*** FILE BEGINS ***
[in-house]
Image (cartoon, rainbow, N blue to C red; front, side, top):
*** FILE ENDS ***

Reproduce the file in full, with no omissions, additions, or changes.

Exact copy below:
[in-house]
Image (cartoon, rainbow, N blue to C red; front, side, top):